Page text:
Simple Is A Feeling

Simple Is A Feeling

It is the day after Christmas and I feel content.  My family cooked together, watched Bob Ross paint a winter scene on Netflix (sounds boring but we laughed and laughed and were amazed) stood around a fire in the snow with the dogs, listened to music, attended a candlelit solstice yoga class at Sandpoint Hot Yoga , walked, worked a puzzle, shared meals with friends and enjoyed each others company.  It was a simple and beautiful winter scene.

20161220_135320
Stunning snow covered Lake Pend Oreille;

I am grateful to my friends and family that understood that both my kids and myself don’t need much.  Gift cards, a paid month at the gym, a massage, books, Christmas money and music were some of the thoughtful gifts received.  Nothing needs to be exchanged, and we do not need to find closet space to house a giant haul of gifts. With all the recent purging it feels exactly right.

20161220_175142
A gift of tiny succulents, perfect for a tiny house!

Occasionally here in North Idaho we will experience earthquakes, nothing terribly devastating, just enough of the ground shaking to look at one another and say “Did you feel that?”  It catches your attention, provokes some conversation and we move on with the day.  This week while I was finishing another collection of items for the donations pile, I stopped and had that same earthquake sort of moment.  Suddenly I thought, “I can feel it.”, the house actually FEELS lighter.  The realization stopped my busyness and I thought … this is it …. this is what simplicity feels like.  The house is gaining space, some of it hidden in drawers and behind closet doors, but the open space is there and I can sense it.

I am also noticing that since the house is already free of much clutter, keeping it that way takes very little of my time.  It’s nice to come home and have a tidy space to greet me.  This week my kitchen will receive some attention,  digging into the corners of the cupboards, pantry and fridge. My guy has a habit of dating jar lids when he opens them, which at first I thought was rather OCD, but now I know exactly how long that favorite salad dressing has been sitting on the shelf and really should be tossed!  Sounds like the perfect detox for the new year.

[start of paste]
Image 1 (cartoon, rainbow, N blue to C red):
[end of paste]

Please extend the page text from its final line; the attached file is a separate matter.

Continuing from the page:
May your season also be filled with simplicity,  the people you love, and the miracles that surround us every day.

20161130_035838

With 2017 right around the corner, pour love and light into your world …

Hillary D.

The Games We Play

The Games We Play

During the cold, dark, short days of winter the puzzles come out, it’s how I avoid the temptation to slip into sleep before 7 o’clock every night because it’s been dark for hours already.  The title of the latest winter puzzle is “The Games We Play”,  and it’s full of nostalgia as I have always loved board games.  This however is not a particularly cozy, happy post.

As I searched for the spinner to High Ho Cheerio, I was listening to the television when a story about the White Helmets of Syria came on.  These are volunteers who dig out survivors after a brutal bombing has occurred. They look for legs or fingers or any other visible body part and begin to frantically dig away at the rubble with bare hands, and time is of the essence to save victims from suffocation.  My Hi Ho Cheerio search became irrelevant as I watched the images come across the screen of the horror that is Aleppo.  I have no reference of suffering at that level and felt overwhelmed to be sitting in a safe and warm home lit softly by Christmas lights, with plenty of food, clean water and my family.

 

20161219_061036
Warm on a cold winter night.

It is always a worthwhile exercise to connect with the suffering of others, it keeps our humanity in check. Life often hangs by a fragile thread and while I cannot change the reality of those living in Aleppo, I CAN be mindful of the energy I put out in to the world.

Today was my test. It was just ONE OF THOSE DAYS.

The kicker was dropping off a mass mailing of report cards (mass mailings tend to provoke tension from the onset), only to have the postal lady call as I was three blocks away that I needed to return because all the envelopes were 20 to 40 cents short on postage. If there hadn’t been half the population of the county waiting in line when I returned I might have had a memorable moment in the post office.  I return to the school, reweigh the envelopes (which the majority were under the 1 ounce limit…thank you very much) and headed home.  My sons friends were listening to their music that tends to set my teeth on edge and sitting at the puzzle.  I looked at their impressive progress and said, “Whatever you do, DO NOT FINISH THE PUZZLE, that is the best part!”  Realizing I need to get a grip I retreated to a quiet room.

I remind myself that my “bad” day is nothing, nothing other than an inconvenience. So I say a small simple prayer for those who are fighting … for Aleppo, for cancer, for loneliness and homelessness, and hunger …  I make my family a delicious vegetable red curry and I feel so, so terribly blessed.

20161219_061007

Peace and Love,

Hillary D.